Wednesday, 28 November 2012

Very proud Mum & Dad

On Monday we had Jake's first parents' evening. And, of course, it wouldn't be right if it didn't have its own Italian slant!

On the last Monday of every month, between 5 p.m. and 7 p.m. the 'Incontro con le Maestre' is held. It is the time at which you can go and talk to your child's teacher and vice versa about school issues.'So, how does it work?' I hear you ask. Well, you turn up on a first come first serve basis and wait your turn. 

Between walking from the main school doors to the classroom I became 7th in the queue. I should have been more observant of those other parents who usually walk with such nonchalance suddenly becoming Olympic sprinters. Methinks they had experienced the 'Incontro' before! 7th, not bad I thought, and then proceeded to wait a mere 1 hour 15 minutes to be seen. Goodness only knows how long the mum 6 places behind me had to wait. It seems an appointment system in Italy is just too difficult!

The good news from the 'Incontro', in the words of the Maestra herself, is that Jake is the best in his class in terms of conceptual understanding and work production, despite the issues of the still ever present language barrier. Amazing, who would have thought it just two months ago. So, so proud of our awesome boy.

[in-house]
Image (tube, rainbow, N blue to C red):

Playing the waiting game

Wiki quotes 'In the Christian religion, patience is one of the most valuable virtues of life.' It is therefore no wonder Italy is one of the most religious countries in western Europe...and I am learning to be very, very virtuous!! 

Some of you may have seen my Lesson of the Week post back in September. It has been given elevated status to 'Lesson of the Year'. Currently we are waiting for the following:
  • The man from the CAF (Finance Assistance Office) to confirm that our property is correctly registered at the land registry resulting in us paying less council tax. He told us approx a month ago it would be done well in advance of 16th December deadline...perhaps his idea of well in advance and mine differ slightly?
  • The window company to tell us our new windows that we have ordered are ready. The three to four weeks quoted towards the end of October yesterday became 10th December!
  • The Chimney Flue company Piemme. Our two to three days for confirmation of the quote has just turned into a week...and given our experience so far elsewhere will probably be a while longer yet.
The response to our questions of "How does this country function?" to our Italian friends: The standard shoulder shrug and utterance of "This is Italy!"  

Thursday, 15 November 2012

An unexpected visitor


It's not everyday that a beautiful Arabian horse turns up in your garden...but hey, life here in Abruzzo is full of surprises!!

Tuesday, 13 November 2012

Jake's Birthday!

Submarine cake English side
Submarine cake Italian side

It was several weeks ago now that Jake celebrated his 6th birthday with his first ever birthday party in Italy.

Now, I never thought that I would ever be concerned about birthday party etiquette - after holding 5 birthday parties for Jake and 3 for Josh I thought I kind of knew what to do and what the children (and other parents!!) would expect.  It never dawned on me that birthday parties might be so different from country to country until...